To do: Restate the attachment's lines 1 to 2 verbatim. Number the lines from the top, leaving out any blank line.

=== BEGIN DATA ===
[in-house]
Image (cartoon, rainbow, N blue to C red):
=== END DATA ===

[in-house]
Image (cartoon, rainbow, N blue to C red):